Global Warming: What is the 6% Solution?
The Climate Conference commenced Monday in Copenhagen. President Obama has promised that the United States will abate its greenhouse gas emissions to 17 percent below 2005 levels over the next decade and by 83% by 2050.
Adding to the madness, the EPA ruled on the same day that greenhouse gases, “emitted by factories, motor vehicles, livestock and just about everything else on the planet, natural or manmade” are a danger to the public health.
Recent revelations about the culling and grooming – not to mention wholesale deleting – of data have wrought considerable damage to the scientific case for anthropogenic global warming. (On that score, can someone please bring Al Gore a calendar and gently inform him what decade we are in?)
One fact that has never been disputed, though it has mostly escaped the debate for some inexplicable reason, is the degree to which man is (not) responsible for the hypothesized cause of global warming. All of man’s vast activity on the planet amounts to only 6% of the total greenhouse gases generated (original link here), with Mother Nature generating the other 94% of greenhouse gases.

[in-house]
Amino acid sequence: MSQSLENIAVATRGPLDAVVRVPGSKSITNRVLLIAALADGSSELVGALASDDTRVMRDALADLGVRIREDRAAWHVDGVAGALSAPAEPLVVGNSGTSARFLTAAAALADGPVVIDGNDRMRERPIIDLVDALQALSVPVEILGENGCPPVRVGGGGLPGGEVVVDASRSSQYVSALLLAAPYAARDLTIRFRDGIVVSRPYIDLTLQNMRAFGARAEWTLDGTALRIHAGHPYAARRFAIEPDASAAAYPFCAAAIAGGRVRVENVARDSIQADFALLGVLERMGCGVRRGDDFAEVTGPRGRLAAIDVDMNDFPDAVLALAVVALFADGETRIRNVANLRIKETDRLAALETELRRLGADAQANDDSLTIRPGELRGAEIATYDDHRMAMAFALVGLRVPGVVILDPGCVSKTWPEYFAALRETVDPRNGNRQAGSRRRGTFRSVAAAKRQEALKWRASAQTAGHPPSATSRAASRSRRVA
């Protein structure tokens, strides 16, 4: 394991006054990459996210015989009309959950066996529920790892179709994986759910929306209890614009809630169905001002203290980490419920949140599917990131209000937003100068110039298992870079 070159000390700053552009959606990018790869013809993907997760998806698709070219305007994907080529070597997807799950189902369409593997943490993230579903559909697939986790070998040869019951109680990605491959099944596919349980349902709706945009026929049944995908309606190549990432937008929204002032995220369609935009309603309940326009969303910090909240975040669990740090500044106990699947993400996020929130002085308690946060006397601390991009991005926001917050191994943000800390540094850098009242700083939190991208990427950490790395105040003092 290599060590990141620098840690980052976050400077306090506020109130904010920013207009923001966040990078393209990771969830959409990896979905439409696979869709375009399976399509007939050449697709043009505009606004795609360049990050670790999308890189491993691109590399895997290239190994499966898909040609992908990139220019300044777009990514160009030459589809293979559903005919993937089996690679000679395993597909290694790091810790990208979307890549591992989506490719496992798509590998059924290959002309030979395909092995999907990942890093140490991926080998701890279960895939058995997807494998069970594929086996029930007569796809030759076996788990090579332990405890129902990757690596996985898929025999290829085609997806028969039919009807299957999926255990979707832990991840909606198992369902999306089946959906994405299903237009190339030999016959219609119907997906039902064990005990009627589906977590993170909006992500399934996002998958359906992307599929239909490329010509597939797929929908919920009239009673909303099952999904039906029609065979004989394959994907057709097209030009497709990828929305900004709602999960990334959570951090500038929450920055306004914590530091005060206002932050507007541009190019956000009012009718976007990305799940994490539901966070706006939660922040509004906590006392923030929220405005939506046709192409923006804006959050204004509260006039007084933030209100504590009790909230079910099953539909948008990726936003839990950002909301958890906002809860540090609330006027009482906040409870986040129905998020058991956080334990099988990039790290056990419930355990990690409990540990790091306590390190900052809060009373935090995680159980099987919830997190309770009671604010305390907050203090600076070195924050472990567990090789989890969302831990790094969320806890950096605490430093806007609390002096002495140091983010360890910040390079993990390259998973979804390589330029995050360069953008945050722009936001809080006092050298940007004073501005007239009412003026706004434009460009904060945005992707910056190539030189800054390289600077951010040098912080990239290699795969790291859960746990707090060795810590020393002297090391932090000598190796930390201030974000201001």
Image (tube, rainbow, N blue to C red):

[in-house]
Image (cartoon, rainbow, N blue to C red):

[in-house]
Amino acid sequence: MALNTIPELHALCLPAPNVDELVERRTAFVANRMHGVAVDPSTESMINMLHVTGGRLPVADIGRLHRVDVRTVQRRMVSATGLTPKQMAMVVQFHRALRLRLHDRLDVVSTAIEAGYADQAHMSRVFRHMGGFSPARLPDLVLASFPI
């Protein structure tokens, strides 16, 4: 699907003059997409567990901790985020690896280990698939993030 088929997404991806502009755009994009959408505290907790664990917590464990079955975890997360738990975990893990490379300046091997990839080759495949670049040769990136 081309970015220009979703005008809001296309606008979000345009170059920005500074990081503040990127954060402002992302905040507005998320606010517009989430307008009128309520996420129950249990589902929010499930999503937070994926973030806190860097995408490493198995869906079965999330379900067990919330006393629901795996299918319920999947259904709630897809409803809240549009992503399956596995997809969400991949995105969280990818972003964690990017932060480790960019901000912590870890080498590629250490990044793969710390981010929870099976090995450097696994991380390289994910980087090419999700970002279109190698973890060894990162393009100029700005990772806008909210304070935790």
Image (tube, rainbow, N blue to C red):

Now, that strikes me pretty much as a game ender to the whole discussion. If, indeed, man’s measly 6% is the tipping point for global warming (already a very shaky proposition), obviously, cold turkey is the only solution. But without a substitute fuel, going cold turkey on fossil fuels means no heat, no lights, no electricity, no cars, very little food, no stores, no manufacturing and an unemployment rate of about 95%. [“Help Wanted: Experienced hunters and gatherers. Must have own
If, however, proponents of the theory of AGW wish to overlook this fact as well as the considerable flaws that have developed in their theory, they need to answer one question.
What fuel, comparable in availability and affordability, do they propose to substitute for the fossil fuels 1.) upon which we heavily depend and 2.) that less developed countries look forward to depending upon so as to improve their quality of life?